It’s not just about the buildings or the exercise. It’s the stories, too.
As a native to the area, it may seem odd that I’d go on a tour of my hometown — especially being a person who is often referred to as a Cliff Claven, the “Cheers” character who seemed to know something about everything. Yet I went on all three Downtown St. Louis Architectural Walking Tours and learned a number of new things to share with others.
Offered by Landmarks Association of St. Louis, the tours are held from 10 a.m. to noon every Saturday, April through October, rain or shine. Each tour begins at a different starting point around downtown and is structured for a two-hour walk at a leisurely pace.
For the East Tour, we started at the Old Courthouse on Fourth Street. From the top of the iconic building’s steps, we had a sweeping view of Luther Ely Smith Park, the Gateway Arch and the Mississippi River beyond. Our guide recounted the historic tales of the Dred Scott decision and its impact on our country’s Civil War; the heroes, adventurers and villains responsible for the establishment of St. Louis as a major fur trading and commercial center; and countless other interesting tidbits about the earliest days of our city. And that was all before we moved on to the Old Cathedral and Eads Bridge, then circled back to major financial, retail and office buildings built by famous architects. I may have learned some of this history in school, but it never seemed as exciting as having it right in front of me.
The West Tour began at the entrance to St. Louis Union Station, with a view of the famous Milles’ fountain, Meeting of the Waters. Our guide knew all about the controversy accompanying the fountain, as well as lots of architectural and historic morsels about the grand public buildings lining Market Street. As we walked, our guide pointed out various locations where movies were shot, and now I know that the famous photo of Harry S. Truman holding up a newspaper with the erroneous headline “Dewey Defeats Truman” was taken at Union Station.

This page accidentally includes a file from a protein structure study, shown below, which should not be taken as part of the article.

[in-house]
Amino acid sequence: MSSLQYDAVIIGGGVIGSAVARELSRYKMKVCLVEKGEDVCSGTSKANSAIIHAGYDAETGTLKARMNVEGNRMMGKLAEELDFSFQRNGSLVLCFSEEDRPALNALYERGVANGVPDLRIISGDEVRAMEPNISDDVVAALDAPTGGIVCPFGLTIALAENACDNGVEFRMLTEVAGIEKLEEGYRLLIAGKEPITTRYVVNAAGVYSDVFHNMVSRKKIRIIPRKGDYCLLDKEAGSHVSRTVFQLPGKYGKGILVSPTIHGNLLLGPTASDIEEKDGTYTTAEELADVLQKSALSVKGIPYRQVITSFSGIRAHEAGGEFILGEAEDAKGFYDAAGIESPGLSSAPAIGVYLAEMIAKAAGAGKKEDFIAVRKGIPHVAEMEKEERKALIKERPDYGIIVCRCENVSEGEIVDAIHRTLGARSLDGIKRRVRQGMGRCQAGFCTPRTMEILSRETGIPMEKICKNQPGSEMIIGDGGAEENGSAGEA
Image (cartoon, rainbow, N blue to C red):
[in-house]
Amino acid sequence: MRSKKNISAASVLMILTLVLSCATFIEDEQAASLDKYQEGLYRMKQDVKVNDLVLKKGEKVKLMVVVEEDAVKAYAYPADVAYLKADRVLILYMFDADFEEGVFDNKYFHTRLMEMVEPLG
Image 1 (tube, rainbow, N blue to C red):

We wandered north to view Central Library and hear about its fabulous renovation, along with a number of other notable buildings and the famous architects and captains of industry responsible for the grandeur of western downtown. To end the tour, we circled back to Union Station, and, after we thanked the guide and said our goodbyes, I took the opportunity to wander through the amazing structure and appreciate its glory.
The Washington Avenue Tour, held twice a month on the first and third Saturday, begins at Tigin Pub at Third Street. We walked down Washington all the way to 15th Street, admiring the massive garment district buildings that have now metamorphosed into the edgy fashion, technology, loft and entertainment hub it is today. Our guide, as with all the guides on the tours I took, was a great source of information. Her passion and enthusiasm truly elevated the experience. All had historic photos to point out particular features of the buildings that we would’ve missed simply walking by on our own.
I found each tour educational and fun and highly recommend any of them to those seeking something to do that is out of the ordinary — whether native or newcomer. The stories I heard were so compelling, and the guides so knowledgeable, that I wanted to retrace every step and gain an even deeper understanding of the Gateway City. Luckily, I wore comfortable shoes for each of the tours, so I could do just that!
Author: Kimberly Van Gels Althage is a professional marketer, storyteller and social media consultant. She often rides her bike on trails or the urban streets of St. Louis, and she and her husband love hiking on a variety of trails in the metro area and beyond.
Photos: Courtesy of Downtown St. Louis Architectural Walking Tours/Leslie Proud.